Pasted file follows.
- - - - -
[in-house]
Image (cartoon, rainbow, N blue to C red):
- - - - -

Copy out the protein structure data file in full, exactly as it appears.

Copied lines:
[in-house]
Image (cartoon, rainbow, N blue to C red):